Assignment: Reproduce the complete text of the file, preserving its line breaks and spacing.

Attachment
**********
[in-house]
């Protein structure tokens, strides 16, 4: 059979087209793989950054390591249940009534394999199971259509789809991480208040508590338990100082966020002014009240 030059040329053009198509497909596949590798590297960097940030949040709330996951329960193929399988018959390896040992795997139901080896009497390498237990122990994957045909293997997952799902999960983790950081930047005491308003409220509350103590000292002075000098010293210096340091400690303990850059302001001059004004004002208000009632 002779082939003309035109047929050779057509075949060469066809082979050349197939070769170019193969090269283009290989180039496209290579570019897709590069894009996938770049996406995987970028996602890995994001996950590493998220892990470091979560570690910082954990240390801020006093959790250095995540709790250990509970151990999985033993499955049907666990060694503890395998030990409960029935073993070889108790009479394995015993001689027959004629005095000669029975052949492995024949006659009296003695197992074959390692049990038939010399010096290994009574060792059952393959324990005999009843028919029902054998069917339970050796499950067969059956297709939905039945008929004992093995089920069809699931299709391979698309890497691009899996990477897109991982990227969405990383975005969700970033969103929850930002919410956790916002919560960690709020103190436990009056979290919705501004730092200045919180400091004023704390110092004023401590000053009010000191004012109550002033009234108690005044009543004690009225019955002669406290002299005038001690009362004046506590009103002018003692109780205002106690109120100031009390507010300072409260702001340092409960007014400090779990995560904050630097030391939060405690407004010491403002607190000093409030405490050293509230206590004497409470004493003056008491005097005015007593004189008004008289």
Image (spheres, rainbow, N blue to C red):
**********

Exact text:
[in-house]
């Protein structure tokens, strides 16, 4: 059979087209793989950054390591249940009534394999199971259509789809991480208040508590338990100082966020002014009240 030059040329053009198509497909596949590798590297960097940030949040709330996951329960193929399988018959390896040992795997139901080896009497390498237990122990994957045909293997997952799902999960983790950081930047005491308003409220509350103590000292002075000098010293210096340091400690303990850059302001001059004004004002208000009632 002779082939003309035109047929050779057509075949060469066809082979050349197939070769170019193969090269283009290989180039496209290579570019897709590069894009996938770049996406995987970028996602890995994001996950590493998220892990470091979560570690910082954990240390801020006093959790250095995540709790250990509970151990999985033993499955049907666990060694503890395998030990409960029935073993070889108790009479394995015993001689027959004629005095000669029975052949492995024949006659009296003695197992074959390692049990038939010399010096290994009574060792059952393959324990005999009843028919029902054998069917339970050796499950067969059956297709939905039945008929004992093995089920069809699931299709391979698309890497691009899996990477897109991982990227969405990383975005969700970033969103929850930002919410956790916002919560960690709020103190436990009056979290919705501004730092200045919180400091004023704390110092004023401590000053009010000191004012109550002033009234108690005044009543004690009225019955002669406290002299005038001690009362004046506590009103002018003692109780205002106690109120100031009390507010300072409260702001340092409960007014400090779990995560904050630097030391939060405690407004010491403002607190000093409030405490050293509230206590004497409470004493003056008491005097005015007593004189008004008289």
Image (spheres, rainbow, N blue to C red):